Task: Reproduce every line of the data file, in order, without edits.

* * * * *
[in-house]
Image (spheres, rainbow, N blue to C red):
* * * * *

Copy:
[in-house]
Image (spheres, rainbow, N blue to C red):